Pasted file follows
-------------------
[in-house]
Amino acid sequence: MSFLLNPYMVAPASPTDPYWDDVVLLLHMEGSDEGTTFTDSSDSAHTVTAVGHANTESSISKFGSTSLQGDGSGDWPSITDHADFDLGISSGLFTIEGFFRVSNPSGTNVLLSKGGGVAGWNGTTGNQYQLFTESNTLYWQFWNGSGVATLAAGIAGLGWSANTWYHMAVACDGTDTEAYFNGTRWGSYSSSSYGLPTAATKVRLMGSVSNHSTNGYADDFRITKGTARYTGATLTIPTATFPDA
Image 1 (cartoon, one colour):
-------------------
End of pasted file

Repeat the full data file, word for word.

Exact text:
[in-house]
Amino acid sequence: MSFLLNPYMVAPASPTDPYWDDVVLLLHMEGSDEGTTFTDSSDSAHTVTAVGHANTESSISKFGSTSLQGDGSGDWPSITDHADFDLGISSGLFTIEGFFRVSNPSGTNVLLSKGGGVAGWNGTTGNQYQLFTESNTLYWQFWNGSGVATLAAGIAGLGWSANTWYHMAVACDGTDTEAYFNGTRWGSYSSSSYGLPTAATKVRLMGSVSNHSTNGYADDFRITKGTARYTGATLTIPTATFPDA
Image 1 (cartoon, one colour):